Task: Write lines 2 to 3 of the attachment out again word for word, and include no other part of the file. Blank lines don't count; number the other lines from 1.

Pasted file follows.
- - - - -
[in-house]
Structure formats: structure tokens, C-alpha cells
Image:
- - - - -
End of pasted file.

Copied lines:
Structure formats: structure tokens, C-alpha cells
Image: